Sep 22, 2006

Gobbling up the Gyros

Yiasou, everyone!

That's one of two words of Greek I have picked up - the other being "ef-heri-stor", which means "thank you" (working on my theory that "thank you" is the most useful phrase to know in any language, with the possible exception of "sorry").

We're here in sunny downtown Naoussa Harbour, the second-biggest town on Paros, one of the many islands in the Greek Cyclades. We visited Mykonos before arriving here on Wednesday, and tonight we depart for a couple of days on Ios, then a few days in Santorini, before our 10-and-a-half hour ferry trip back to Athens (yep, looking forward to that one!).

The Greek Islands are really quite different to what I imagined - I hadn't really done much research, and I all knew for certain is that there were a lot of white houses with blue roofs. That's true, but I didn't realise how barren the islands are. The shrubbery and plantlife is different, but it's the same colour brown as half the Australian bush! There's very few trees, with the exception of the odd olive grove, and talk about a water shortage. It rains so little here (at least over the summer season) that most islands have desalination plants. We have to try to keep our showers short - of course, being from Brisbane, that's no hassle. Also, the sewerage system cannot handle toilet paper, so after you go to the loo, you have to throw the paper into a bin provided. It's a bit wrong and very gross, but you get used to it. I'll just have to remember to discard the habit once I leave Greece!

Having said all that, the islands are lovely. The waters of the Mediterrean are everything I imagined - clear glass-coloured green mixed with dark blue. The beaches are nice (if a little pebbly), and the great thing is you don't have to wade through 30 metres of surf to get into the water - the edge of the beach is almost like the edge of a pool.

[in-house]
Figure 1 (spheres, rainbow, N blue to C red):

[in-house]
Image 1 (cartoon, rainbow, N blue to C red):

I'm surprised by how much Greg and I have become accustomed to the beachy lifestyle. Our accommodation in Mykonos was actually the Contiki resort (sister companies with Busabout etc, etc), and it allowed free sea-kayaking and beachside sun-beds. We enjoyed our hour out kayaking (I even accidently saw a grown man naked sunbathing on a rock!), and we had a great pizza by the beach on Tuesday evening. The atmos at the Contiki resort was relaxed and comfortable, even if most of the occupants were 19-year-olds obsessed with sun-tanning and sex. You should have heard the "Man-O-Man" competition they held one night. There was not a single question that didn't involve copulation. ;)

Paros is cheaper than Mykonos (yay!), and is where we truly discovered the joys of gyros. Pronounced "ye-ros", not "ji-rows", they are kinda like a kebab - a slice of grilled pita bread, filled with the meat of your choice, chips, salad and tzaziki. Best of all, they only cost about 2 euros. Fan-freaking-tastic. Greg actually found one for one euro last night. We struck the "One Euro gyros!" (It sounds funnier when said aloud).

We've being seeing a few sights, but mainly just chilling and enjoying the sunshine and warmth before our inevitable encounter with the Northern Hemisphere winter. I bought a great khaki skirt for 20 euros to replace my one and only pair of shorts, which had developed a huge split in the crotch.

Greg is currently recovering from a Natalie-induced injury: we had a drink at a lovely bar by the waterfront, and I wanted him to stand right near the water for a photo. Greg went to get close and promptly slipped on the slimy surface. I didn't notice at first because I was faffing about with the camera - I just thought he'd dropped his glass! Luckily he's mostly OK, just a sore back and a swollen finger that took the brunt of the fall. If that had been me, the injuries would be far worse, I'm certain of it!

Anyway, best be off for another gyros before we take the fast ferry to Ios. Apparently tonight's dinner is a mass buffet by the pool. Sigh. It's a tough life, but somebody's got to do it! ;)

Best wishes to all, Natalie.

1 comment:

  1. I have to disagree- I think the most useful phrase to know in any language is "Where is the toilet"... followed closely by "Where is the toilet, I have explosive diarrhea and am about to soil my pants in your living room"

    Just hypothetically, of course.